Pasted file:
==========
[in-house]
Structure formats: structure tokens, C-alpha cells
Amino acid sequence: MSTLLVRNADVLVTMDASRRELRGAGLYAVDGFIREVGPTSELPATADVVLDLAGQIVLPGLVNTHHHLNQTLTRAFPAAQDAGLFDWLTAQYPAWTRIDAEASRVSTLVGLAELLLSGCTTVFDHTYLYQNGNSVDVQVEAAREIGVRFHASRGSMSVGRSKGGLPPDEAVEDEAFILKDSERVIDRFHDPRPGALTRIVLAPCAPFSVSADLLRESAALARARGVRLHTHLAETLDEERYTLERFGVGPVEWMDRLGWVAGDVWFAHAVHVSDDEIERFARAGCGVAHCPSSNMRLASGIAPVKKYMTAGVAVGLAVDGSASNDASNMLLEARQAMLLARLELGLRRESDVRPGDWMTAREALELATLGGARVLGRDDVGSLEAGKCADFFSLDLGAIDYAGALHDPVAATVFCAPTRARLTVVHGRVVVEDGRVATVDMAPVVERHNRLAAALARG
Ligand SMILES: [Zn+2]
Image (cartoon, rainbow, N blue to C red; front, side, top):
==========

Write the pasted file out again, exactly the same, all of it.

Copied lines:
[in-house]
Structure formats: structure tokens, C-alpha cells
Amino acid sequence: MSTLLVRNADVLVTMDASRRELRGAGLYAVDGFIREVGPTSELPATADVVLDLAGQIVLPGLVNTHHHLNQTLTRAFPAAQDAGLFDWLTAQYPAWTRIDAEASRVSTLVGLAELLLSGCTTVFDHTYLYQNGNSVDVQVEAAREIGVRFHASRGSMSVGRSKGGLPPDEAVEDEAFILKDSERVIDRFHDPRPGALTRIVLAPCAPFSVSADLLRESAALARARGVRLHTHLAETLDEERYTLERFGVGPVEWMDRLGWVAGDVWFAHAVHVSDDEIERFARAGCGVAHCPSSNMRLASGIAPVKKYMTAGVAVGLAVDGSASNDASNMLLEARQAMLLARLELGLRRESDVRPGDWMTAREALELATLGGARVLGRDDVGSLEAGKCADFFSLDLGAIDYAGALHDPVAATVFCAPTRARLTVVHGRVVVEDGRVATVDMAPVVERHNRLAAALARG
Ligand SMILES: [Zn+2]
Image (cartoon, rainbow, N blue to C red; front, side, top):